Wednesday, October 18, 2017
Compton Keeps Rising
By Francis Taylor (Contributing Writer)
Published February 18, 2010

Craig J. Cornwell, City Attorney

Charles Evans, City Manager

Compton Keeps Rising

As the second decade of the new century begins, the city of Compton continues to display signs of progress in all areas

By Francis Taylor

Sentinel Contributing Writer

There are certain elements in the life of a municipality that calls for strong leadership, and adherence to a steady and purposeful direction. Such are the offices of city attorney, the city’s top legal representative and the city manager, who directs the city’s day-to-day management much like the CEO of a corporation. In the city of Compton, the persons charged with those responsibilities are: Craig J. Cornwell, the city attorney and Charles Evans, the city manager.


Prior to becoming city attorney, Craig J. Cornwell was familiar with the office having provided legal advice to his predecessor on various matters as a private attorney. In addition, he previously worked as a deputy city attorney and the chief deputy city attorney for the city. Cornwell also brought experience from his time in the private sector as founding partner with the firm of McClain-Hill, Cornwell, LLP.

He received his bachelor’s degree from the University of California, Santa Barbara; and his law degree from the Whittier Law School, Costa Mesa. As the city attorney, Cornwell provides legal counsel for the city council and the administrative staff, as well as prosecutorial services for misdemeanors and infractions. He also represents the city in claims against others; and all claims brought against the city, as a general rule, unless there is a conflict of interest. In such instances, the city attorney will recluse his office and the city will most likely hire outside private counsel. In addition, the city attorney keeps the city council up-to-date on such matters.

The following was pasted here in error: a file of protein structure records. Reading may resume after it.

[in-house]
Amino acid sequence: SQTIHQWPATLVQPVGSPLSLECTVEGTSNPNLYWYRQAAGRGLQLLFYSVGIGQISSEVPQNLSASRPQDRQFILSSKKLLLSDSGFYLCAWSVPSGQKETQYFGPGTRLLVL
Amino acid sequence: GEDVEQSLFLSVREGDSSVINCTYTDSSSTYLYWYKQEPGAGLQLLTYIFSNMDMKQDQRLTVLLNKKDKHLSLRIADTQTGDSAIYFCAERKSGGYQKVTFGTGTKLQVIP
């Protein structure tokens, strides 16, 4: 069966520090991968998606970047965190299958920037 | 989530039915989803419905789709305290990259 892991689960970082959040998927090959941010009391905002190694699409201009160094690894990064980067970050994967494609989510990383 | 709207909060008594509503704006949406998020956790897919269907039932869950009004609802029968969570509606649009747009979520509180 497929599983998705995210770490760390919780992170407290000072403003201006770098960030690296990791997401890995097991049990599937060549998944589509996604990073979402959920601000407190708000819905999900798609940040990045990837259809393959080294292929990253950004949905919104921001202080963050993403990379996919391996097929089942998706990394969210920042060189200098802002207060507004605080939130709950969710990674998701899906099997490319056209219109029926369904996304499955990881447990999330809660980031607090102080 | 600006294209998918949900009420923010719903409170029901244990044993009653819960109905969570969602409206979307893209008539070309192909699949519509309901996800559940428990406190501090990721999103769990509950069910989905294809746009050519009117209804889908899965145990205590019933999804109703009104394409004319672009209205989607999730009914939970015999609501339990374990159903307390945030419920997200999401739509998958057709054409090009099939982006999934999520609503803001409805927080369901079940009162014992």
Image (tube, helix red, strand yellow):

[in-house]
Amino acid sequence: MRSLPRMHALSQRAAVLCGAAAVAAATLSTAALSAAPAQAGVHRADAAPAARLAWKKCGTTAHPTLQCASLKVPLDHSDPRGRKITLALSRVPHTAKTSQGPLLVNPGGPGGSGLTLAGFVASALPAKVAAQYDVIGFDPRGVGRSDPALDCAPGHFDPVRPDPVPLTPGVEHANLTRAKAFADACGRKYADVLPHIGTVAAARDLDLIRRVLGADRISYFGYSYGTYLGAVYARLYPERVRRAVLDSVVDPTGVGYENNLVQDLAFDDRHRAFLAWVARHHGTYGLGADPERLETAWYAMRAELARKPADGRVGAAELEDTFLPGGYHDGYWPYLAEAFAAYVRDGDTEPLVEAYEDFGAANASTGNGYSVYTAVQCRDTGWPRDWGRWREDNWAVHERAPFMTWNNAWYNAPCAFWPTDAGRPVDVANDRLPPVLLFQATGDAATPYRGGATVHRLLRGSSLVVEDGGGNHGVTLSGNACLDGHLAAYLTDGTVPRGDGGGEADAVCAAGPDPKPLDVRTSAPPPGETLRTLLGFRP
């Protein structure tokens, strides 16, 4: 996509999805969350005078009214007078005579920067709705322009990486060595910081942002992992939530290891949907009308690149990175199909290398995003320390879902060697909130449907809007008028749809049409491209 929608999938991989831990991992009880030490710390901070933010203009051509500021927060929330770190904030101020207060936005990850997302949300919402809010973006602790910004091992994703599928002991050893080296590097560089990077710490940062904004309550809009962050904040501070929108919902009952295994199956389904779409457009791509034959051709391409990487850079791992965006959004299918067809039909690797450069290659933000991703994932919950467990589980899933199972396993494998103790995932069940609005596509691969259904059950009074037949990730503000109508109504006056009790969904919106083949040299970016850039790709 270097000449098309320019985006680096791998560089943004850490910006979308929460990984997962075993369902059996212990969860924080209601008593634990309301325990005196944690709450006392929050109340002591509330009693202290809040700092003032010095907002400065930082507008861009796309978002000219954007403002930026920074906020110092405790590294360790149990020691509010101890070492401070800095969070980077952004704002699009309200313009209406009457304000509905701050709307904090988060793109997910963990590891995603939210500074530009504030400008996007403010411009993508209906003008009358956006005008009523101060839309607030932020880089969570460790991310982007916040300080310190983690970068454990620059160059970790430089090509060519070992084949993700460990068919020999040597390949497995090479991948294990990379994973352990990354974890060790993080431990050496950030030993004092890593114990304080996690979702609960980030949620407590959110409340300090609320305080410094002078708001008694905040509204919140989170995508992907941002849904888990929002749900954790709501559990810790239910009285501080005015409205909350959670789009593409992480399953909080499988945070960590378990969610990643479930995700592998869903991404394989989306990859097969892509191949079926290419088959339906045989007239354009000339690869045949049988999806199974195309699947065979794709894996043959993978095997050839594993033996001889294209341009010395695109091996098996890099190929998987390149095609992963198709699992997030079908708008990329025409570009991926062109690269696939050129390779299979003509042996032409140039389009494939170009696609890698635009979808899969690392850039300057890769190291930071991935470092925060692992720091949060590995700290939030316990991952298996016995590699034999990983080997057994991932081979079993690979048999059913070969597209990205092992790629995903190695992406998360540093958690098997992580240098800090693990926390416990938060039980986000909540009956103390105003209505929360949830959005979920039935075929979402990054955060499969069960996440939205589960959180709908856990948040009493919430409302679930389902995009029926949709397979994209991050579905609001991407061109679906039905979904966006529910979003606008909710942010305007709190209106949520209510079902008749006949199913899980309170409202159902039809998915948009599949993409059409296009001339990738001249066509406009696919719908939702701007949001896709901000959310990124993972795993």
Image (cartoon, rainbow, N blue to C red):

Cornwell is a longtime resident of Compton, the son of Pastor Raymond R. Cornwell and Maple J. Cornwell a retired elementary school principal. He is married and has a three- year-old daughter. According to his biography on the city web page, his daughter is a soon-to-be United States Supreme Court Justice; and with her daddy’s push, she already seems to have a jumpstart.


As the city manager, Charles Evans manages the effective delivery of city services and sees that it is done in an efficient and professional way. As he puts it, “One of the goals of the City of Compton is to serve, and Mayor Eric Perrodin and the Compton City Council are committed to making it as easy as possible to obtain the city services residents need.” According to his web page, the City Manager is responsible for the administration of City services and programs, enforcement of the City’s Municipal Code and ordinances, and preparation of the annual budget.

He has been with the city since 1980, starting as the risk manager for the city, handling their workers compensation, safety and loss prevention program, all the other elements that went with the risks that happen in the municipal environment. “I’ve been the city manager for about two years,” Evans explained, “and we’ve had three goals: initially we wanted to increase the housing market here; we wanted to increase economic development and create jobs; and we wanted to take advantage of our location as the Hub City. We sit between about five freeways; the Alameda Corridor runs through the city and we think there’s great potential for economic growth.”

His role as the city’s CEO is prominently displayed in his biography on the city’s web page. It states that Compton City Hall is at your service 24 hours a day, seven days a week thanks to a new program called “City Hall At Your Service.” Residents can phone into City Hall after hours by calling the City Hall At Your Service Hotline. For more information regarding our Council/Manager form of government and to view the City’s 2007-2008 Budget click on the budget link on the home page.

All his efforts seem to demonstrate a service-friendly city manager, within the city and beyond the city. “We’re reaching out to the countries in Southeast Asia including China; we have a Chinese company that is located here. They’re on a mission on our behalf going back to China looking at opportunities to have companies re-locate here. And we’re also looking nationally at companies located on the East Coast.”

With Evans as the CEO and the leadership team in Compton, “birthing a new Compton” is no longer just a slogan, it is the new reality.


Categories: Local

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